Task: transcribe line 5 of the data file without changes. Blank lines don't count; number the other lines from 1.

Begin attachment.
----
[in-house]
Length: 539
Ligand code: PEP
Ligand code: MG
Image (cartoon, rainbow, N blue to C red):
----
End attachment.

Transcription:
Image (cartoon, rainbow, N blue to C red):